Summer Book Club: Super Freakonomics

When I have time to read multiple books in one stretch of time, I like to alternate genres and subjects. As my last book was a fictional, romantic classic, I decided to go with a non-fiction read relating to economics, my field of study at school.

SuperFreakonomics, the sequel to Freakonomics: A Rogue Economist Explores the Hidden Side of Everything by Steven Levitt and Stephen Dubner, an economist and journalist dynamic duo, continues his exploration of the economic ideas in our daily lives. This book applies the study of economics in a non-traditional manner, looking into car seats, salaries, baseball players, hospital sanitation, terrorists, volcanoes, and many other subjects.

In its most traditional sense, economics examines the production, distribution, and consumption of goods and services. Usually, these goods and services are obtained by a monetary trade. However, all of these trades and the thought process that leads to this trade boil down to one idea: incentive. In Freakonomics and SuperFreakonomics, Levitt and Dubner do not limit their economic findings to monetary incentive; rather, they look into incentives of all types, including safety, health, and various other goods and services. This broader definition of economics offers a continuous supply of new information and knowledge.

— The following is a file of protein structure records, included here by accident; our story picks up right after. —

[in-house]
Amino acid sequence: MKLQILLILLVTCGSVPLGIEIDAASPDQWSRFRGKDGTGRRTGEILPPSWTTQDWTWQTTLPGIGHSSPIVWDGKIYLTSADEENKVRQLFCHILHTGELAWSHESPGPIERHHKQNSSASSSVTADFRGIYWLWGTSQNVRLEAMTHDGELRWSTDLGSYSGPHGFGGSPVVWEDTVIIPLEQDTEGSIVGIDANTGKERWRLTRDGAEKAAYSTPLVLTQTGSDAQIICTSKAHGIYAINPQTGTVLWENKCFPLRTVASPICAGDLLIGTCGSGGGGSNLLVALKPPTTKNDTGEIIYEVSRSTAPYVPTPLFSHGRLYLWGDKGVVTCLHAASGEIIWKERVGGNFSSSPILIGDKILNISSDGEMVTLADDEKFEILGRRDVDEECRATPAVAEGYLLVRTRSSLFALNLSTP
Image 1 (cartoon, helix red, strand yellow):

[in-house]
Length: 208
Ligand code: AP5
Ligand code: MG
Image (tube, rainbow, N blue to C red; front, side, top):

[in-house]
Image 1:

SuperFreakonomics, which occasionally refers back to Freakonomics, can be read independently of the prequel. In the introduction, the authors joke that a need for a sequel came from the subtitle of the prequel, “the hidden side of everything,” even though the first book was certainly not an exhaustive look at everything. Still, I think they did a pretty good job of dabbling everywhere in these two books, though they still haven’t covered everything.

I highly recommend both this book and its prequel to both economists and “average Joe’s” alike! As long as you like learning new and unconventional things, this book is for you. I also encourage you to check out their website,, which discusses other intellectually stimulating topics in a blog and podcast, and gets you a little closer to learning the hidden side of everything.

Written by Guest Blogger, Katherine Chang


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